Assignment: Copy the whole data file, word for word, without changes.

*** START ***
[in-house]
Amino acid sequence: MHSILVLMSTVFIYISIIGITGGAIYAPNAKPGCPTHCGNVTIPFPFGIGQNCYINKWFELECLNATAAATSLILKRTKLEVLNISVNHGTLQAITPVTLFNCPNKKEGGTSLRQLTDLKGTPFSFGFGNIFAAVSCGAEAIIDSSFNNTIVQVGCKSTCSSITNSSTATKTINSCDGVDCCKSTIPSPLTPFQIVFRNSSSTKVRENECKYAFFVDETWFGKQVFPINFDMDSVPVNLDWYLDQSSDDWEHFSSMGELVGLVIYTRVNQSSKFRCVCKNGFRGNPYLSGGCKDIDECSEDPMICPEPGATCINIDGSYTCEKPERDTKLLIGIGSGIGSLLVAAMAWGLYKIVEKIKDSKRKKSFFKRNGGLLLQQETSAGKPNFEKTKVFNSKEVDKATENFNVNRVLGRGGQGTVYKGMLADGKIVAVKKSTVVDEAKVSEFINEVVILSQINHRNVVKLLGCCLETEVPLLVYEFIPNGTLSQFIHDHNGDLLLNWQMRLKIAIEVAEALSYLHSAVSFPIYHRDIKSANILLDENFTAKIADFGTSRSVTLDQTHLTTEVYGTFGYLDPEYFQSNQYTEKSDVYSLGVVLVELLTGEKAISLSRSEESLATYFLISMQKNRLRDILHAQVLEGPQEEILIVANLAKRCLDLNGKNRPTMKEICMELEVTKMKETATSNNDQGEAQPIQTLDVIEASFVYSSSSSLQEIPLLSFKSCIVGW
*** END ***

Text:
[in-house]
Amino acid sequence: MHSILVLMSTVFIYISIIGITGGAIYAPNAKPGCPTHCGNVTIPFPFGIGQNCYINKWFELECLNATAAATSLILKRTKLEVLNISVNHGTLQAITPVTLFNCPNKKEGGTSLRQLTDLKGTPFSFGFGNIFAAVSCGAEAIIDSSFNNTIVQVGCKSTCSSITNSSTATKTINSCDGVDCCKSTIPSPLTPFQIVFRNSSSTKVRENECKYAFFVDETWFGKQVFPINFDMDSVPVNLDWYLDQSSDDWEHFSSMGELVGLVIYTRVNQSSKFRCVCKNGFRGNPYLSGGCKDIDECSEDPMICPEPGATCINIDGSYTCEKPERDTKLLIGIGSGIGSLLVAAMAWGLYKIVEKIKDSKRKKSFFKRNGGLLLQQETSAGKPNFEKTKVFNSKEVDKATENFNVNRVLGRGGQGTVYKGMLADGKIVAVKKSTVVDEAKVSEFINEVVILSQINHRNVVKLLGCCLETEVPLLVYEFIPNGTLSQFIHDHNGDLLLNWQMRLKIAIEVAEALSYLHSAVSFPIYHRDIKSANILLDENFTAKIADFGTSRSVTLDQTHLTTEVYGTFGYLDPEYFQSNQYTEKSDVYSLGVVLVELLTGEKAISLSRSEESLATYFLISMQKNRLRDILHAQVLEGPQEEILIVANLAKRCLDLNGKNRPTMKEICMELEVTKMKETATSNNDQGEAQPIQTLDVIEASFVYSSSSSLQEIPLLSFKSCIVGW